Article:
On-Site Magazine

3-D concrete printed building hits two storeys

By Adam Freill   

Commercial Concrete Construction Residential

Construction printing company nidus3D is building North America’s first 3-D printed two-storey building near Kingston, Ontario.

(Photo courtesy of nidus3D)

While Canada and the U.S. have had several 3-D printed buildings constructed in recent years, to this point, all have been single-storey buildings, but Canadian 3-D construction printing company, nidus3D, is reaching ever-higher. The company has printed the first multi-story 3-D printed building in North America, a two-storey building on Wolfe Island, near Kingston, Ont.

The company used the BOD2 printer from COBOD, whose technology was used to 3-D print the first two- and three-storey buildings in Europe. The BOD2 can print with real concrete with a particle size up 10 mm and makes use primarily of locally found raw materials.

The two-storey building is the second structure nidus3D has built. The 2,300-square-foot mixed-use space features a studio on the ground floor and a residence above. Of particular interest on this build was a 3-D printed horizontal beam that was printed on site and lifted into place by a crane.

“We have critical shortfall of skilled labourers, and a massive and growing demand for housing all across Canada,” said Ian Arthur, a co-founder nidus3D. “If we do not begin to look at new ways of building, we’re never going to catch up. It is part of our core values, to seek solutions to address the housing crisis and to help build affordable housing with the help of 3-D printing.”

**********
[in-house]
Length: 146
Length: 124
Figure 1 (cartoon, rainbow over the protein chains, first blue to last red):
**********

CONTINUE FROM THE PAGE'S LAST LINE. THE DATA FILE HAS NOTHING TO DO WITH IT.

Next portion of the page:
The use of 3-D concrete printing allows structures to be built quickly. The complete two-storey building took only 80 hours to print, down from the 200 hours nidus3D needed for its first build, and the company is convinced that future buildings will be made even faster.

“Our technology and 3-D construction printers enables faster execution of construction projects, as well as more efficient construction at lower cost due to the lower labour requirements and usage of low-cost concrete,” stated Philip Lund-Nielsen, co-founder of COBOD International, and head of its operations in the Americas. “COBOD’s 3-D construction printers have been used all over the world, and while this two-storey building in real concrete is a first and a great success for us in North America, the world-wide success of our technology proves the wide scale applicability of our technology.”






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